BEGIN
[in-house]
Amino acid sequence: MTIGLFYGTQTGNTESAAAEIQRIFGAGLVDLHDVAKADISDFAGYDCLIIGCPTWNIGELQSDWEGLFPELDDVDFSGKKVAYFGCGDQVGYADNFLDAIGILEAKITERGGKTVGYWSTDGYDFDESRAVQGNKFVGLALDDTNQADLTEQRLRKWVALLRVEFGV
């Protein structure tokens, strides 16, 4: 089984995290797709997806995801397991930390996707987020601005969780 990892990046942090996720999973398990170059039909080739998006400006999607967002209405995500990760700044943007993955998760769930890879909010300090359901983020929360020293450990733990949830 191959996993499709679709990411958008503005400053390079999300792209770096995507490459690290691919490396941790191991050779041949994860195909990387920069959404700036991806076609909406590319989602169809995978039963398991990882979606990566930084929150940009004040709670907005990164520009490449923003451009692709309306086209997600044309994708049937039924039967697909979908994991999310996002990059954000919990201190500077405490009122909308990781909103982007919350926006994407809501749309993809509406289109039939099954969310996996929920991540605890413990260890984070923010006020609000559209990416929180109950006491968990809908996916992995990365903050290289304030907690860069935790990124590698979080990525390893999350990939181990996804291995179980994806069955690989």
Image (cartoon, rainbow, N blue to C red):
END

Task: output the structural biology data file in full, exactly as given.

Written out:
[in-house]
Amino acid sequence: MTIGLFYGTQTGNTESAAAEIQRIFGAGLVDLHDVAKADISDFAGYDCLIIGCPTWNIGELQSDWEGLFPELDDVDFSGKKVAYFGCGDQVGYADNFLDAIGILEAKITERGGKTVGYWSTDGYDFDESRAVQGNKFVGLALDDTNQADLTEQRLRKWVALLRVEFGV
């Protein structure tokens, strides 16, 4: 089984995290797709997806995801397991930390996707987020601005969780 990892990046942090996720999973398990170059039909080739998006400006999607967002209405995500990760700044943007993955998760769930890879909010300090359901983020929360020293450990733990949830 191959996993499709679709990411958008503005400053390079999300792209770096995507490459690290691919490396941790191991050779041949994860195909990387920069959404700036991806076609909406590319989602169809995978039963398991990882979606990566930084929150940009004040709670907005990164520009490449923003451009692709309306086209997600044309994708049937039924039967697909979908994991999310996002990059954000919990201190500077405490009122909308990781909103982007919350926006994407809501749309993809509406289109039939099954969310996996929920991540605890413990260890984070923010006020609000559209990416929180109950006491968990809908996916992995990365903050290289304030907690860069935790990124590698979080990525390893999350990939181990996804291995179980994806069955690989």
Image (cartoon, rainbow, N blue to C red):